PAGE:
Stranger: "Little girl, what do you want to be when you grow up?"
Me: "A doctor." [Looks to mother for approval]
Mother: "That's right."
Before I even really knew what a doctor was, I knew that was what I was supposed to be. My parents, both doctors, expected it of me, and I accepted it, much like an arranged marriage. After all, there was nothing else I really wanted to be, other than maybe a ballerina (in retrospect, that likely wouldn't have worked out too well).
In high school and college, I entertained thoughts of other careers, but my father made some very compelling arguments for med school that I was unable to refute:
1) How many careers are there out there where you can really help people?
2) As a woman, this is one of the few fields where you will earn a decent salary and not have to rely on your husband to support you.
3) Just take the MCATs already and see how you do.
At the end of my sophomore year of college, I "just took the MCATs to see how I'd do" and when I got my score back, it was good enough to apply to medical school. And after having taken an eight hour exam, I already felt time committed. Why would I put myself through that and pre-med biology if I wasn't going to apply to med school?
So here I am years later, a new physician. I can't say that this was the perfect career choice for me, but now that I'm at the tail end of my residency, I'm not about to quit and start folding jeans at the Gap** either.
People ask me if I plan to encourage my daughter to become a doctor. At this point, I'd settle for her not coloring all over the walls, but my specific answer to that question is, "Absolutely not."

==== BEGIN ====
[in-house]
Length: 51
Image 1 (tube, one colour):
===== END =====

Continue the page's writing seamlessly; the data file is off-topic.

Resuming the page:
In fact, not only will I not encourage her to become a doctor, but I will actively discourage her from entering a life in medicine. I will tell her every awful story I can think of about the abuse med students, residents, and (I can only presume) attendings are put through. I'll complain incessantly about how being a doctor means giving up your life to your patients. I mean, yes, I'll buy her the toy doctor's kit, but that will be mostly for me to play with.
And after all that, if she still wants to be a doctor, I can't say I'll be disappointed. What mom doesn't want her daughter to follow in her footsteps? But it's important to me that she gets to that decision on her own. Because medicine is not a career anyone should be pushed into.
And best of all, this way if she ends up hating it, I'll get to say, "I told you so." I've heard mothers love saying that.
**Favorite alternate joke career of doctor trainees who want to quit, for some reason